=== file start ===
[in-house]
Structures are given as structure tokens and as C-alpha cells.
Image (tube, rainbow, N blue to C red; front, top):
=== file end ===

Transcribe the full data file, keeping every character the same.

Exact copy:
[in-house]
Structures are given as structure tokens and as C-alpha cells.
Image (tube, rainbow, N blue to C red; front, top):